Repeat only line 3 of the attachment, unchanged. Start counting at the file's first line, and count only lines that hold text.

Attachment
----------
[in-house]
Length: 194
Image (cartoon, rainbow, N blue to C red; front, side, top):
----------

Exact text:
Image (cartoon, rainbow, N blue to C red; front, side, top):